Our program culminates in a group bar/bas mitsve program for children ages twelve and thirteen.
Students spend the year creating individual and collaborative projects that reflect their passions and commitments, and form a tightly-knit, supportive group.
The year ends in a cultural b’nei (group) mitsve, a collective ceremony in which the graduating students represent their Jewish identity to a welcoming community of family and friends.
The b’nei mitsve year combines the following activities:
Core Research Project
Each student chooses a research topic that draws from Jewish history or culture. The topics reflect a diversity of interests and passions, and the rigor of study and self-exploration.
2012 core projects included:
- Performing a monologue in the character of Albert Einstein, meditating on his conflicting religious, scientific, and pacifist identities.
- Exploring connections between involvement in Occupy Wall Street, the life of Emma Goldman, and a Torah portion: Korach.
- Studying the Yiddish poet and singer Beyle Schaechter-Gottesman, performing one of her songs, and composing original Yiddish poetry.
Each student conducts an oral history video interview with an elderly member of his or her family. Through planning and executing these videos, students explore their family heritage and discover their unique connection to the larger Jewish community.
Their teacher then weaves together these interviews into a collective oral history video to be on view at the b’nei mitsve ceremony.
The responsibility to the community that our students demonstrate through their community service projects reflect the Jewish values of justice (tzedek), compassion (hesed), and peace (sholem).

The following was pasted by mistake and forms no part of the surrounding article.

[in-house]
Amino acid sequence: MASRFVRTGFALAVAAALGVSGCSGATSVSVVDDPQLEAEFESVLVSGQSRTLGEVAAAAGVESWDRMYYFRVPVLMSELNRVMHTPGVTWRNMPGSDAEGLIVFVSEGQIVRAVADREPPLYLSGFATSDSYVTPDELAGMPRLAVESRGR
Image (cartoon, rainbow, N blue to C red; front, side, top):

Over the course of the school year, each student chose a community service project that could be fulfilled by the combined efforts of the group.
For 2012, these included making “surgi-dolls” for kids undergoing surgery, organizing a game day for children at a homeless shelter, and making and delivering sandwiches to the Yorkville Common Pantry, New York City’s largest community-based food pantry.
Each b’nei mitsve class focuses on a social justice issue and connects history to the injustices of today.
For 2012, students looked through the lens of labor and explored the makings of the sweatshop. They examined historical case studies of working conditions of the Lowell Mill Girls of New England and the garment workers in New York.
They also looked at the attempts of working people to organize for improvements and bring about child labor laws and higher wages.
Connecting the present with the past, students researched and wrote a script about the conditions at Foxconn, the factories in China where Apple products like the iPad and iPhone are made, and presented their play at the community Passover Seder.
Remember Us Project
In the beginning of the school year, each b’nei mitsve student receives a certificate from the Remember Us Project, the international organization that matches students with a child lost in the Holocaust.
The idea is that every child will be remembered. To date, more than 17,000 b’nei mitsve students from all over the world have participated.
Every student does substantial research on their perished child’s place of birth and its Jewish community life and customs. The collected information is presented at the solemn occasion of Yom Ha-Shoah, Remembrance Day. Thanks to the Remember Us Project, these children will never be forgotten.
Study of Torah Portions
As a secular Jewish school, we do not require our students to read from the Torah as part of their celebration.
Over the course of the year, however, they become familiar with their Torah portions, analyze their meanings, and make personal decisions about whether or how they want to include the portion in their ceremony.
In our 2012 ceremony, some students read their portions in Hebrew and some in Yiddish, some presented interpretations, and others chose not to include their portions at all.
Music and Art
Many of our students and faculty are musicians and artists, and our b’nei mitsve celebrations always include beautiful and rousing performances.
This year, the graduating class performed the Hebrew song “Od Yavo Shalom Aleinu (Salaam),” arranged by our own music teacher for horns, strings, and voice. It was breathtaking.